HILO, Hawaii – Hawaii Island residents, especially those living in Puna subdivisions who are fed up with the constant noise from low flying tour helicopters visiting the volcano, had a chance to take their complaints directly to the feds on Thursday.
A Hilo Airport conference room was filled to capacity for the second of two “Hawaii Helicopter Noise Meetings” set up as listening sessions by the Federal Aviation Administration (FAA) and the National Park Service (NPS). The first meeting was held the day before on Oahu.
The FAA and the NPS are working together to address noise associated with air tour operations over national parks, including Haleakala National Park and Hawai’i Volcanoes National Park.
“Recently, concerns have been raised about noise from helicopter operations in Hawai’i outside of park boundaries, particularly on the Big Island,” stated a meeting notice. “FAA and NPS are visiting Hawai’i to better identify specific concerns with helicopter operations within and outside of national parks.”
The meetings were an informal opportunity to share information and perspectives on helicopter operations, including safety, economic and noise impacts. “Please note that these are not public hearings and are not associated with previous planning exercises for air tour management plans at national parks,” the federal officials stated.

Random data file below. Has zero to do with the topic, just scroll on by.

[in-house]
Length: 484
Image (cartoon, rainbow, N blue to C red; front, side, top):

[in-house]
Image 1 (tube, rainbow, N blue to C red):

Participants were invited to share their concerns and opinions.
Daryl Soares and Storm Steiger were front and center, ready to share the views of HICoP, or Hawaii Island Coalition Malama Pono. The organization has been working with state representatives, helicopter tour operators, and the FAA “to strike a balance between the demand for tourism and those that live on the Big Island.” HICoP was instrumental in getting government at the local, state and federal level to take notice.
HICoP also took the chance to further advocate for their propsed solution: an offshore helicopter route similar to the one that was implemented by the FAA on Long Island, NY.
The Puna residents were not alone. Many living in Piihonua, near the scenic waterfalls of the Wailuku River, also suffer constant tour helicopter flyovers.
NOTE: Big Island Video News will be uploading the extended video to this page.